Diana on the Stag by Paulus Ättinger at the Bode Museum in Berlin, Germany

Welcome to “Art, Culture & Books” with me Anthony King. Today I’ll be taking you on a photographic tour of Diana on the Stag by Paulus Ättinger which he created around around 1610 and it’s at the Bode Museum in Berlin, Germany. Now, this is a special piece… Diana was the twin sister of Apollo and the goddess of the moon.

As always, I take all the photos and videos myself on location, ensuring you get an up-close and personal view of the fascinating world of art and culture. I’ll be popping in and out with commentary as this video progresses but for now let’s take a close up look.

This incredible piece was created by Paulus Ättinger who was a German who was active in Regensburg. It’s made of silver, partially gilded, with pearl and gem inlay. There is very little information on him or even this piece of incredible art.

So what do we see? We see Diana Riding a Deer. Let me tell you the story, if I may.

Within Ovid’s Metamorphoses lies the captivating tale of Diana and Actaeon. Picture Actaeon, a young hunter immersed in his pursuit, stumbling upon Artemis bathing at a spring. This unexpected encounter unfolds as Artemis, surrounded by her nymphs, enjoys a bath in the spring. Startled, the nymphs react with surprise, attempting to shield Diana from Actaeon’s inadvertent intrusion. In a moment of vexed embarrassment, Diana retaliates by splashing water onto Actaeon. Just so you know, the Greek Goddess Artemis and her Roman equivalent Diana represent the same thing. Diana, infuriated and embarrassed by Actaeon’s glimpse of her naked form, enacts her retribution. She strips him of his ability to speak and transforms him into a stag, complete with antlers and a shaggy coat. Deprived of speech, Actaeon hastily flees in fear, setting the stage for the tragic turn of events.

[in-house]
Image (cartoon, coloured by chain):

The narrative takes a poignant twist as Actaeon, now resembling the very prey he once hunted, becomes the target of his own hounds. Unable to recognize their master, the hounds pursue and, tragically, bring about Actaeon’s demise. This myth stands as a testament to the consequences of unintended encounters and the inexorable forces of fate.

I must stress that if I close my eyes and think of all of the incredible art I saw in Berlin, this is very high up on the list. It is impressive and I think it’s one of those pieces which is walked passed and even in this video – it’s not particularly one which will be clicked which is a pity but please, if you get a chance to see this – do so!

By Anthony King (c)